How can we solve equations like 13x + 29y = 42 or 2x +4y = 13 with the solutions x and y being integers? Read this article to find out.

Use this interactivity to sort out the steps of the proof of the formula for the sum of an arithmetic series. The 'thermometer' will tell you how you are doing

Can you work through these direct proofs, using our interactive proof sorters?

When number pyramids have a sequence on the bottom layer, some interesting patterns emerge...

This is an interactivity in which you have to sort into the correct order the steps in the proof of the formula for the sum of a geometric series.

Three equilateral triangles ABC, AYX and XZB are drawn with the point X a moveable point on AB. The points P, Q and R are the centres of the three triangles. What can you say about triangle PQR?

Prove Pythagoras' Theorem using enlargements and scale factors.

This is an interactivity in which you have to sort the steps in the completion of the square into the correct order to prove the formula for the solutions of quadratic equations.

A java applet that takes you through the steps needed to solve a Diophantine equation of the form Px+Qy=1 using Euclid's algorithm.

A collection of resources to support work on Factors and Multiples at Secondary level.

The aim of the game is to slide the green square from the top right hand corner to the bottom left hand corner in the least number of moves.

Start with any number of counters in any number of piles. 2 players take it in turns to remove any number of counters from a single pile. The winner is the player to take the last counter.

To avoid losing think of another very well known game where the patterns of play are similar.

Make and prove a conjecture about the cyclic quadrilateral inscribed in a circle of radius r that has the maximum perimeter and the maximum area.

Show that for any triangle it is always possible to construct 3 touching circles with centres at the vertices. Is it possible to construct touching circles centred at the vertices of any polygon?

This set of resources for teachers offers interactive environments to support work on graphical interpretation at Key Stage 4.

Try this interactivity to familiarise yourself with the proof that the square root of 2 is irrational. Sort the steps of the proof into the correct order.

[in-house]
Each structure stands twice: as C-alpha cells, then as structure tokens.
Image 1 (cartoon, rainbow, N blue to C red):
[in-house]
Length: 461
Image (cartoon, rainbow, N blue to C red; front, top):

With red and blue beads on a circular wire; 'put a red bead between any two of the same colour and a blue between different colours then remove the original beads'. Keep repeating this. What happens?

Place a red counter in the top left corner of a 4x4 array, which is covered by 14 other smaller counters, leaving a gap in the bottom right hand corner (HOME). What is the smallest number of moves. . . .

Ask a friend to choose a number between 1 and 63. By identifying which of the six cards contains the number they are thinking of it is easy to tell them what the number is.

Six circles around a central circle make a flower. Watch the flower as you change the radii in this circle packing. Prove that with the given ratios of the radii the petals touch and fit perfectly.

The classic vector racing game brought to a screen near you.

Use Excel to explore multiplication of fractions.

Charlie likes tablecloths that use as many colours as possible, but insists that his tablecloths have some symmetry. Can you work out how many colours he needs for different tablecloth designs?

Square It game for an adult and child. Can you come up with a way of always winning this game?

Can you put the 25 coloured tiles into the 5 x 5 square so that no column, no row and no diagonal line have tiles of the same colour in them?

A simple spinner that is equally likely to land on Red or Black. Useful if tossing a coin, dropping it, and rummaging about on the floor have lost their appeal. Needs a modern browser; if IE then at. . . .

A counter is placed in the bottom right hand corner of a grid. You toss a coin and move the star according to the following rules: ... What is the probability that you end up in the top left-hand. . . .

Four cards are shuffled and placed into two piles of two. Starting with the first pile of cards - turn a card over... You win if all your cards end up in the trays before you run out of cards in. . . .

Can you beat Piggy in this simple dice game? Can you figure out Piggy's strategy, and is there a better one?

A weekly challenge concerning prime numbers.

There are thirteen axes of rotational symmetry of a unit cube. Describe them all. What is the average length of the parts of the axes of symmetry which lie inside the cube?

How good are you at finding the formula for a number pattern ?

This game challenges you to locate hidden triangles in The White Box by firing rays and observing where the rays exit the Box.

Can you set the logic gates so that the number of bulbs which are on is the same as the number of switches which are on?

This resource contains interactive problems to support work on number sequences at Key Stage 4.

Can you locate these values on this interactive logarithmic scale?

Here is a chance to play a fractions version of the classic Countdown Game.

A tool for generating random integers.

Practise your skills of proportional reasoning with this interactive haemocytometer.

A metal puzzle which led to some mathematical questions.

This set of resources for teachers offers interactive environments to support work on loci at Key Stage 4.

Can you beat the computer in the challenging strategy game?

Players take it in turns to choose a dot on the grid. The winner is the first to have four dots that can be joined to form a square.

A spherical balloon lies inside a wire frame. How much do you need to deflate it to remove it from the frame if it remains a sphere?